Counter culture appeal

The sport is relatively new and, despite the figures, is still relatively non mainstream. Your mum or dad probably still don’t understand it, nor are they on the channels used. Again, this plays well to the youth market much like skateboarding did and still does.

The vast majority of esports are not traditional ‘sports’ platforms

The GT Academy (where drivers compete to win a professional contract) is a great example of a talent pathway, especially given the success of some of their console drivers in top level motorsport.

I’m sure EA’s FIFA game is fuelling passion for football and even tactical understanding in regards to passing, positioning and following specific teams and players.

So this creates a threat as Adam Hodge points out: “Smart traditional sporting teams and bodies are already hedging with partnerships or acquisition of esports teams. Less a defensive play and more a shrewd way to educate themselves whilst placing some chips on the table in case it does blow up.”

What can traditional sports learn / benefit?

Think of all the buzz words for today’s marketing – connectivity, personalisation, content, social (media) – and you instantly think esports.

Interestingly in traditional sport, much of the really successful and engaging content and content platforms are unofficial – vloggers, fan sites and forums. Despite unique access to talent, the behind the scenes and exclusive content most rights holder channels produce amount to glorified press releases.

If the traditional sports sector could learn anything it would be to be less official, experiment more and don’t be afraid to make some mistakes (difficult I know, but there is a way of managing experimentation to mitigate risk).

I’m being a little unfair and the sector is shifting its attitude from how new signings are announced to the likes of an ultra-traditional event like Wimbledon embracing Snapchat before most of us knew what it was.

As Mark Liversidge comments “traditional sports entities should be aware and educated about the consumer behaviours that are driving the esports growth. Then [they should] be applying the learning to their own business and participation model to shape a strategy to engage with these behaviours.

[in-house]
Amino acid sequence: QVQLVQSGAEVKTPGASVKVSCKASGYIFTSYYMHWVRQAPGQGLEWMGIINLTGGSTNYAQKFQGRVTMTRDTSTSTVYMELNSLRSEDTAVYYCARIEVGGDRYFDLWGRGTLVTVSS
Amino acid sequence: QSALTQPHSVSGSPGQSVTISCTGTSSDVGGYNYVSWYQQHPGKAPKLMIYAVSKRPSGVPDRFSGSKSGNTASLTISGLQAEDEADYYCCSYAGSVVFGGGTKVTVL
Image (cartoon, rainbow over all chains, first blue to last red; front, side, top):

“It is no different to any other leisure time interest that is fighting for a share of consumers’ disposable time, money and audience to drive commercial interests.”

What about the downsides?

A lot has been spoken about the growth but like all sports there are challenges. Firstly, in an era where most modern and developing cultures are battling obesity and mental health issues there must be concerns about esports’ growth? Do we want the next generation aspiring and training to be a professional sports or esports person? In addition, much of the sport and the figures that support it are unregulated.

The industry points out that the esports professionals are athletes who need to look after their physical and mental condition from working on reaction times, staying fit and building up stamina in order to increase professionalism and income; proving that esports is beginning to regulate itself.

The future

For me, the counter culture argument probably holds the key to the future of esports. It’s a fast growing sport but so were surfing, skateboarding, windsurfing and snowboarding. Will the more mainstream elements of esports lose their relevance with its core audience by embracing the mainstream and therefore blow itself out? Or will it remain a youth sport from generation to generation?

Only time will tell, but esports has established itself and is undoubtedly here to stay, yet still needs to embrace its challenges. Equally, traditional sport needs to look at the ingredients that have made esports so appealing to the next generation and adapt as much as possible too.

Rupert Pratt is Co-Founder of and a Director of Mongoose Sports & Entertainment

eSports Rupert Pratt Thought Leaders